Naperville Estate Planning Lawyer Discusses How a Living Trust Can Protect Your Assets

living trust, Naperville estate planning attorneyIf you are in debt, you may be wondering what happens to all of your assets when you pass away. In my practice as an estate planning lawyer, clients frequently ask me questions of this nature. Do the nagging creditors get everything that you have acquired over the years, or do your children and heirs have the right to keep any of it? The answer depends on how you establish your wishes. If you simply leave everything in a will, creditors may very well get to split up your estate to clear up some of the debt you leave behind. However, there are other avenues to ensure asset protection for your loved ones, including the creation of a revocable living trust.

Ethical Issues

You may be wondering how ethical all of this is. Essentially, you are attempting to secure property so that there is no way that a creditor can touch them after they have been passed on to your heirs, no matter the amount of debt that you owe. It is absolutely not illegal, unethical, or wrongful to take measures to keep your assets in your family, rather than being sold at a creditor’s auction. It is something that people do every single day. You earned the property you own, why not be able to pass them on?

How to Do It

While federally there are several options to protecting your assets, in Illinois, you have to be sure to use the correct one for you, because not all are recognized by the state. One of the best ways in Illinois is to create a revocable living trust. While this does not protect the assets from your own creditors, it protects them from any of your successor’s potential creditors. This is true even if they are involved in an accident in which they are found negligent and are court-ordered to pay restitution. The reason for this is that your children do not actually own the propety, the trust does.  During the process of creating a living trust, assets can be protected from the probate process because titles are transferred to a trust and are no longer in anyone else’s name. In most cases, you can name yourself as one of the trustees and reap the benefits when you are alive, which will then pass on to your beneficiaries after you pass away.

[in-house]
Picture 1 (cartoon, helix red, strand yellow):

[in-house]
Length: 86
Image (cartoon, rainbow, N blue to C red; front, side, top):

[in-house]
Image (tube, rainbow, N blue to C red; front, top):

The opposite is true for a will. Although a will is often necessary for certain property and explaining your wishes with regard to caring for your minor children, anything left in a will is subject to a probate process. First, the state verifies the validity of the will. Then they name an executor or administrator of the will—if you did not already do so—who will, in turn, distribute the assets as necessary. This may include selling assets to settle outstanding debts prior to distributing the remainder of the estate to the beneficiaries.

Other Benefits of a Living Trust

In addition to protecting assets from being divided up and sold to pay off a debt, living trusts have several other benefits. Some of these include:

  • Avoidance of probate court, making it a shorter and less costly process after your death;
  • When you name a trustee, they are able to control your assets rather than the state;
  • Gives guidance to the trustee as to what your wishes are, preventing them from using all of the assets themselves unless you explicitly express that as your wish; and
  • If you become incapacitated and are named as the trustee, the secondary trustee would be able to take over to carry out your wishes.

Creating documents to protect your investments and your family can be stressful. Although it can be done alone, it is helpful to have a professional guide you through the process to be sure that your wishes will be fulfilled exactly as you would like them to be. Contact an experienced Naperville estate planning attorney at The Gierach Law Firm today to get started. Call 630-756-1160 and schedule a confidential consultation.

 

Sources:

Illinois Compiled Statutes: Trust and Trustees Act

Bankrate